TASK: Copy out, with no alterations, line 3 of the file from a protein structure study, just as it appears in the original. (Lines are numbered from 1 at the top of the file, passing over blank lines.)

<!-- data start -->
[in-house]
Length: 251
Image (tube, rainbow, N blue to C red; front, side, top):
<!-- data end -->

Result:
Image (tube, rainbow, N blue to C red; front, side, top):